The stars and Venus were out when Koko and I went walking this morning, but they quickly disappeared behind clouds. I could hear the rain coming before it arrived, a sound I love, of drops hammering dense foliage, and then it caught up with us, a few hundred yards from the house.
A couple of Maui folks also got wet yesterday, paddling surfboards in the Kahului Harbor after the Superferry had arrived “to make a point that the security zone is punitive and it's unnecessary and ludicrous," Hannah Bernard reportedly told the Advertiser.
Katy Rose sent me an email saying Hannah wasn’t arrested on the spot, and authorities are now trying to decide how to penalize her. Let’s hope they do nothing, because really, what did she do, except push the system?
Maui Tomorrow is also going to push the system, that same Advertiser story reports, by pursuing legal action that challenges the constitutionality of the Superferry bailout bill.
The article reports that Maui Tomorrow executive director Irene Bowie contends the law is unconstitutional because it was created solely for Hawaii Superferry. “The state had argued that Act 2 is not special legislation because language in the law states that it applies to any ‘large capacity ferry vessel company,’" the article concluded.
I know I’m not the only one who can’t wait to see if the courts actually buy the state’s shibai. I mean, come on! Hawaii Superferry played a key role in drafting the legislation and setting conditions that were favorable to its particular operation. In fact, Gov. Lingle said publicly the bill had to pass Superferry's muster.
How can state Attorney General Mark Bennett possibly argue the bill isn’t specifically for HSF without looking like an idiot or a liar, or both? Regardless of what the bill’s words say, its intent was clear: to get the Superferry running while the EIS is done.
After feeling rather disheartened by the House’s nominations to the Superferry task force, I perked up when I read that the Senate made better use of its picks, naming Dennis Chun, who was in the water helping to keep the boat out of Nawiiliwili Harbor; Waianae harbor master William Aila Jr., who is definitely not a political lap dog; and Randy Awo, the Maui branch manager of the state's Division of Conservation and Resources Enforcement who testified that enforcement officers were already maxed out when the Senate conducted hearings on the Superferry bailout bill.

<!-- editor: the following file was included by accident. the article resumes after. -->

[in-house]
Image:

The Senate’s other choice was Big Island attorney Michael Matsukawa — maybe readers from that island can offer more insight into who he is.
Perhaps I’m reading too much into it, but it seems like the Senate’s choices were designed to needle the Lingle Administration and Superferry folks, who make up the rest of the task force, just a little bit.
A friend called yesterday and we got to talking about Superferry passenger counts. On the first day, Thursday, Christie Wilson reported in the Advertiser figures provided by HSF: 190 passengers and 60 vehicles.
Andrea Brower, who was on board, reported on savekauai.org that she, Katy Rose and Hale Mawae “counted somewhere between 50-70. Of these passengers, about half were affiliated with the media.”
On Friday, the Advertiser again reported figures from HSF: 135 passengers and 35 vehicles.
Maui resident Brad Parsons, however, said on Friday he and a friend counted “115 people total in shuttle vans, cars, and motorcycles getting off. There were 62 vehicles including motorcycles.”
On Saturday, Parsons counted “215 passengers and only 62 vehicles and an additional 10 motorcycles got off on Maui from Oahu. Only 36 vehicles departed from Maui to Oahu, 3 of them were empty shuttles from one of the shuttle companies.”